Can the platypus save our rivers Lessons from across Australia

Sydney Water

16 January 2024

The Platypus (Ornithorhynchus anatinus) is a truly unique animal that is fascinating to scientists and nature enthusiasts alike. Since colonisation, we have had limited insights into our impact on their distribution and abundance. However, the recent advent of environmental DNA analysis provides us with a non-invasive way to uncover if platypus are present in our local waterways.

The platypus is a true marvel of nature. Apart from being one of only two monotreme (egg laying mammal) species left in the world, the male platypus has a venomous spur on its back legs, they fluoresce under UV light, and they have many intriguing adaptive features that have allowed them to live in freshwater streams.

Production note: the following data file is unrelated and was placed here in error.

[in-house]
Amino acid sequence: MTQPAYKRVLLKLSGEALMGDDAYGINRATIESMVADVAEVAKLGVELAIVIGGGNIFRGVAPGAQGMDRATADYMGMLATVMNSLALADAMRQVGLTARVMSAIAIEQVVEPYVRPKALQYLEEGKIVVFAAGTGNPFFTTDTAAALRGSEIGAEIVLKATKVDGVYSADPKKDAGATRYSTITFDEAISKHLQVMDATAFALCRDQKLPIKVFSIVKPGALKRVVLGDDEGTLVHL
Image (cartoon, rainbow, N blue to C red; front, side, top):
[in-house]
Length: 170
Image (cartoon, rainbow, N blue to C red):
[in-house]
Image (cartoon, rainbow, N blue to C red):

As we further urbanise we are impacting on their habitat, changing both the flow dynamics and water quality, which, in turn, affects their food supply – aquatic macroinvertebrates.

This webinar has hand-picked case studies from across South Australia, Tasmania, Queensland, Victoria and New South Wales where the elusive platypus is driving change in waterway management. Come along and hear about some fascinating research on the good and bad impacts of urbanisation, the desire to re-introduce platypus back to the River Torrens in South Australia, and how Victoria is using smart water tanks to improve platypus habitat, when they need it most.

This webinar is presented as part of the National WSUD Community of Practice webinar series.